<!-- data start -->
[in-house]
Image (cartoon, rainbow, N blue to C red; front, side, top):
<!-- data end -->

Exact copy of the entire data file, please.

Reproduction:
[in-house]
Image (cartoon, rainbow, N blue to C red; front, side, top):